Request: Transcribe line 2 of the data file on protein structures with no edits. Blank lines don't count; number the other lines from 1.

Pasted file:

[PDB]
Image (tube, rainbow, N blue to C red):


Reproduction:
Image (tube, rainbow, N blue to C red):